The Lawsuit Abuse Reduction Act was one of the high-profile pieces of legislation promoted by civil justice reform activists in the previous decade. Rep. Lamar Smith (R-TX), now chairman of the full Judiciary Committee, was sponsor in 2005 of H.R. 420, which passed the House 228-184 (16 House Democrats voted yes along with the Republicans) before stalling in the Senate.

The primary provision of the 2005 bill applied to the federal courts:

(Sec. 2) Amends Rule 11 of the Federal Rules of Civil Procedure (Signing of Pleadings, Motions, and Other Papers; Representations to Court; Sanctions) to: (1) require courts to impose sanctions on attorneys, law firms, or parties who file frivolous lawsuits (currently, discretionary); (2) disallow the withdrawal or correction of pleadings to avoid Rule 11 sanctions; (3) require courts to award parties prevailing on Rule 11 motions reasonable expenses and attorney's fees, if warranted; and (4) authorize courts to impose Rule 11 sanctions that include reimbursement of a party's reasonable litigation costs in connection with frivolous lawsuits.

However, the bill also sought to apply the new Rule 11 standards to state civil actions involving matters that substantially affected interstate commerce, and it had other provisions directed at state courts. That kind of language raises objections from federalism-minded conservatives (e.g. new "Tea Party" aligned House Republicans), who would otherwise support tort reform.

Accordingly, it's our understanding that the upcoming version of the bill will drop the state-specific language to apply only to the federal courts.



In the most recent issue of the Manhattan Institute's City Journal, Jim Manzi has a fascinating piece on the limits of social science. I posted my initial reaction to the piece on Marquette University Law School's faculty blog. His observation are particularly timely in light of the recent decision of a district court judge in Perry v. Schwarzenegger striking down California's constitutional amendment limiting marriage to one man and one woman.

My point relates not to same sex marriage itself, but Judge Walker's use of social science evidence and how that might relate to constitutional litigation generally. The key question is the extent to which courts ought to rely on social science evidence to overturn the laws enacted by voters and their elected representatives. This question extends well beyond the matter of same sex marriage.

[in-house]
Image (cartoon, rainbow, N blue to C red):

According to Judge Walker, social science evidence has proven that same sex marriage will have no impact on the mores and vitality of marriage between heterosexuals and that it has proven "beyond any doubt that parents' genders are irrelevant to children's developmental outcomes."

It is certainly true that most academics who have devoted themselves to the study of gay and lesbian isses believe these assertions. But it is quite another matter to say that they have proven them. Our experience with same sex marriage is quite recent and limited. It is not clear that there is enough data to draw any conclusions about its long term impact.

As for the "genderless" nature of parenting, there are severe methodological difficulties in obtaining randomly selected comparable samples of gay and lesbian couples raising children. Comparision groups of heterosexual parents are often not limited to intact married couples raising their biological tradition and there are very few, if any, adequate longitundinal studies.

But beyond this, Manzi's article suggests that it may be difficult to ever say - at least by the standards of the physical science - what the impacts of same sex marriage are or will be. While his article focused on implications for policy making, there are lessons for judicial decisionmaking as well. A large part of Judge Walker's decision is given over to declaring the judgment of a majority of California's voters as irrational because social science purports to establish that what they believe to be true is not.

The question is not an easy one. Traditional equal protection analysis requires some scrutiny of the justificaton for legal distinctions. But it may well be that social science evidence needs to be viewed with greater skepticism than shown by Judge Walker in Perry. Constitutional litigation ought not to be seen as a battle of experts who attempt to claim the dispassion and robustness of the physical sciences to resolve contested issues of social policy.